Commonwealth scholarships

Commonwealth Scholarships

  • Student Start-up Scholarships

  • Relocation Scholarships

  • Both are administered by Centrelink and paid automatically to all eligible students (receiving Youth Allowance, Austudy, Abstudy)

  • Commonwealth Scholarships for Indigenous students – applications through UAC open early September


Institution equity scholarships ies

Institution Equity Scholarships (IES)

  • Each institution has its own scheme

  • Aim is to maximise participation in higher education by students from certain target groups

  • The value and duration of the scholarships differ depending on the institution

  • IES applications for most UAC institutions will be submitted online through UAC’s website at www.uac.edu.au from early September


Uac international

UAC International

You are an international student if you are NOT:

  • an Australian citizen

  • a New Zealand citizen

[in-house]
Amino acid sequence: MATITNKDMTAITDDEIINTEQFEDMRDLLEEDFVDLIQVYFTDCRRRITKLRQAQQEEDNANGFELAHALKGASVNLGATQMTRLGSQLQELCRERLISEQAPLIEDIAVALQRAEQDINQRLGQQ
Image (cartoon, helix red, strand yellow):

• an Australian permanent resident

    You must apply through UAC if you are an international student undertaking:

  • a 2009 Australian Year 12 in Australia

  • a 2009 Australian Year 12 overseas

  • an International Baccalaureate in Australia in 2009

  • a New Zealand Certificate of Educational Achievement

    level 3 in 2009

    Free copies of the UAC 2010 International Booklet will

    be sent to schools in August 2009


Finally remember to

Finally, remember to …..

  • Read course descriptions in UAC 2010 Guide

  • Attend uni open days, talk to uni students

  • Use last year’s ATAR cut-offs only as an indication of possible cut-offs for 2010

  • Include up to 9 course preferences - check for additional selection criteria, early closing dates

  • Place course choices in the order of your preference

  • Have realistic expectations of your academic ability